Over the past 20 years, there has been an enormous increase in the understanding of the pivotal role of cytokines in the initiation and persistence of allergic inflammation in asthma, and in causing the airway structural changes and associated physiologic abnormalities that characterize this disease. This research originated from the important findings of Parish and Luckhurst,1who reported that T cells from airways, but not from peripheral blood, that were obtained from asthmatic subjects released mediators that promoted eosinophil chemokinesis and chemotaxis, but not neutrophil chemokinesis and chemotaxis. Subsequently, a seminal study by Mosmann and colleagues2identified subsets of T-helper (Th) cells (designated Th1 and Th2) in mice by identifying a different array of cytokines that the cells were producing and suggested that these subsets played different roles in the induction of allergic inflammation. The cytokines produced by Th2 cells (which subsequently came to be known as Th2 cytokines) were interleukin (IL)-3, IL-4, IL-5, and IL-13, the so-called Th1 cytokines were IL-10 and interferon (IFN)-γ, while other cytokines, such as IL-12 and granulocyte-macrophage colony-stimulating factor, were produced by both subsets (Fig 1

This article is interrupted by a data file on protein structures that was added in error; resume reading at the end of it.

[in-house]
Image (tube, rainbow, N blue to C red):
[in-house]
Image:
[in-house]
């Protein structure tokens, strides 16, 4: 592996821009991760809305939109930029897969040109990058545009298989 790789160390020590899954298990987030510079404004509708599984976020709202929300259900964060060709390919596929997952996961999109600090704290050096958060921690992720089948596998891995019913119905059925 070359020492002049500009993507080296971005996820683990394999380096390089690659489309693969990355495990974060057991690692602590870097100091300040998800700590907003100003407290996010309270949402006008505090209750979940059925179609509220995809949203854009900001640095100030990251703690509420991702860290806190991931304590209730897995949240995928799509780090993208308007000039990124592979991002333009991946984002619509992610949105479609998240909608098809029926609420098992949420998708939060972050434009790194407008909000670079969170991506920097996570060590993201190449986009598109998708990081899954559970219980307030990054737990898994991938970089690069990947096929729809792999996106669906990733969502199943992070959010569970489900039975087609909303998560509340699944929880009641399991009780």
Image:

). More recently, it has become clear that these designations, which are possible to make using mouse T cells, are much more complicated in humans. This information, however, had important implications for the pathogenesis of allergic asthma, as the IL-4 levels that are necessary for IgE isotype switching,3 for the up-regulation of vascular cell adhesion molecule-1,4and for Th cell commitment are increased in the airways of allergic asthmatic subjects5and might also be involved in causing allergen-induced airway eosinophilia.6In addition, the biological activity of IL-5 is very specifically focused on the development, differentiation, recruitment, activation, and survival of eosinophils.7Allergen inhalation increases the production of IL-5 in the airways as measured in airway mucosal T cells8and induced sputum.9Allergen inhalation also increases the number of peripheral blood eosinophils and lymphocytes containing intracellular IL-510and increases the proportion of bone marrow CD34+ progenitor cells expressing the α subunit of the IL-5 receptor,11 suggesting that the responsiveness of the bone marrow to IL-5 is a determinant of the magnitude of the eosinophilic responses to inhaled allergens. In addition, IL-13, which stimulates the same receptor as IL-4, is necessary for allergen-induced airway hyperresponsiveness (AHR)12in mouse models of allergic airway responses. Subsequently, Th2 cells were identified in the airway mucosa of allergic asthmatic subjects.13 This information resulted in the hypothesis that the up-regulation of Th2 cells, with an associated down-regulation of Th1 cells, is responsible for the development of allergic asthma (Fig 1).